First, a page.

Haj scandal

PUBLISHED : Wednesday, 11 February, 2004, 12:00am
UPDATED : Wednesday, 11 February, 2004, 12:00am

The death of 54 Indonesian haj pilgrims during the stampede in Saudi Arabia this month has put the spotlight on the government. Initially, the blame for the deaths was laid at the feet of the Saudi authorities after at least 244 pilgrims died during a ritual stoning of the three pillars, symbolising the devil, in Mina.

It is one of the last rituals which Muslims must take part in to complete the haj pilgrimage.

At the time of the stampede, some two million people were crowded into the ancient site.

Saudi officials tried to put the accident down to 'Allah's will'. But the public is not buying it. 'It's ridiculous to consider the incident God's will. It happened because of poor haj management,' said Syafii Maarif, a respected Muslim leader in Indonesia.

Now, Indonesians are starting to question whether their own Religious Affairs Department, which monopolises the management of haj tours, might be partly responsible for the local fatalities.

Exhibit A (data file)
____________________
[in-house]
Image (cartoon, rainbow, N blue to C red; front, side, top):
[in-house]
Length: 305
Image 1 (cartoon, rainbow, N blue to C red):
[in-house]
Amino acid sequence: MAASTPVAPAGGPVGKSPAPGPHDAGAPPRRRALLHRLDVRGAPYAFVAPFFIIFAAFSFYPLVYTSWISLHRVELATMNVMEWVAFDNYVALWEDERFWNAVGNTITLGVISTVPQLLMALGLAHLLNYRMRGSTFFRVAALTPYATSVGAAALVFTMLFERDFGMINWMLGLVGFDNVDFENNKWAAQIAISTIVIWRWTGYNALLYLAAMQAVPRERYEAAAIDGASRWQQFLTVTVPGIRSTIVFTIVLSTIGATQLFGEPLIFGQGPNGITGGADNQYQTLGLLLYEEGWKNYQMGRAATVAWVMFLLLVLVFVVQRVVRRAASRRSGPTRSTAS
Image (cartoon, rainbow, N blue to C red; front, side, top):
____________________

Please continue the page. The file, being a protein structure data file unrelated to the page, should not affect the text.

Both former president Abdurrahman Wahid and Upper House speaker Amien Rais claim the department failed to inform Indonesian pilgrims of their scheduled time for visiting Mina.

As Korup Haji, a coalition of anti-corruption non-governmental groups, pointed out even before the tragedy, the haj pilgrimage is a nice little earner for the Religious Affairs Ministry. It not only organises permits from the Saudi government for a set number of pilgrims each year, but also acts as a travel agent, tendering out accommodation, food and transport contracts.

But each year, there is a scandal. This year, the ministry sold 30,000 extra haj tickets before the Saudi government had confirmed whether it would accept the additional pilgrims.

In the end, the Saudis declined to accept the extra number, leaving 30,000 people, who paid at least US$2,700, to wait another year to go on the haj.

Korup Haji has accused Religious Affairs Minister Said Agil Husin

al-Munawar and some of his officials of embezzling haj money and contracting out jobs to their family and friends. Activists wonder how the wealth of Mr Said, on a monthly salary of 20 million rupiah, (HK$18,500) could have more than doubled, from 1.22 billion rupiah in 2001 to 2.54 billion rupiah last year.

Even before this tragedy, Korup Haji and legislators were calling on parliament to create an independent body - answerable to the public - to manage the haj pilgrimage.